In what would be the first new KiwiSaver to launch in almost two years, Whai Rawa, the funds management arm of South Island iwi Ngāi Tahu, could roll out a branded scheme early in 2018, according to group’s executive director, David Tikao.
Tikao said following a two-year review process instigated by parent group Te Rūnanga o Ngāi Tahu, Whai Rawa called for expressions of interest (EOI) last week from providers able to offer a ‘white label’ KiwiSaver product and broad investment choice to scheme members across any new and existing funds.
Launched 11 years ago, the $64 million Whai Rawa savings scheme is currently managed by Mercer under a single conservative investment mandate. Set up as a ‘whole of life’ savings scheme, Whai Rawa offers its 24,000 iwi members matched contributions as well as the ability to withdraw funds for education, first home purchase, or retirement (post age 55) purposes.
“We’ve put the whole thing out to tender,” Tikao said. “We may not go ahead with it – our parent may decide it may not be good use of money – but we’re fully committed to exploring the strategy.”
He said the (EOI) letter was sent to about “half a dozen” providers – including incumbent Mercer – with a deadline for response of December 8.
The EOI letter says the Whai Rawa board expects to table its recommendations to Ngāi Tahu parent body early in 2018.
“It is possible that [Ngāi Tahu] may not proceed with the recommendation,” the letter says.
However, if approved Whai Rawa, which was granted a managed investment scheme licence under the Financial Markets Conduct Act last September, would move quickly to implement, Tikao said.
He said following any changes the iwi group would likely retain the existing scheme “for the unemployed and children” while encouraging working members to shift to the proposed KiwiSaver fund.
To date, Whai Rawa has signed up just under half of its 59,000 registered tribal members in the savings scheme. Tikao said a recent member survey showed a “higher than the national average” KiwiSaver participation rate among the Whai Rawa population.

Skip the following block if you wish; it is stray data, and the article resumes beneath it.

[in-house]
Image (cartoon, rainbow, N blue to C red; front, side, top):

“If whānau already have a KiwiSaver fund we will have to make our offer better than their current schemes,” he said, with potential options including Whai Rawa covering all costs and investment expenses.
Whai Rawa was also in talks with the Financial Markets Authority about offering financial advice to members, Tikao said, although no plans were yet in place.
Any scheme rejig would probably involve updating fund administration processes, which are structured around individualised member accounts linked to the underlying Whai Rawa unit trust.
“Currently the fund pricing is by way of ‘quarterly interest rate setting’ and is not unitised,” the EOI letter says. “This fund unitisation will need to be addressed in the near future.”
Tikao said the Whai Rawa board waited until chair Kristen Kohere-Soutar – appointed as Mercer NZ director in August – formally left this month before issuing the EOI.
Partly to fend off any conflict of interest issues, another director, high-profile financial adviser Martin Hawes, also resigned from the Whai Rawa board this September. Hawes advises the Forsyth Barr-owned KiwiSaver scheme, Summer.
“We’re recruiting for new board members now,” Tikao said.
If it goes ahead, the Whai Rawa scheme would be the first new KiwiSaver to market since Simplicity launched in August 2016.